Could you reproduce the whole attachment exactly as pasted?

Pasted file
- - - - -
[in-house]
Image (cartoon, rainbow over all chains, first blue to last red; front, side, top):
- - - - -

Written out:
[in-house]
Image (cartoon, rainbow over all chains, first blue to last red; front, side, top):